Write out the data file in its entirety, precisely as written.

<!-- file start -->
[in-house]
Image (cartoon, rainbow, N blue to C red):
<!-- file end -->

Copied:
[in-house]
Image (cartoon, rainbow, N blue to C red):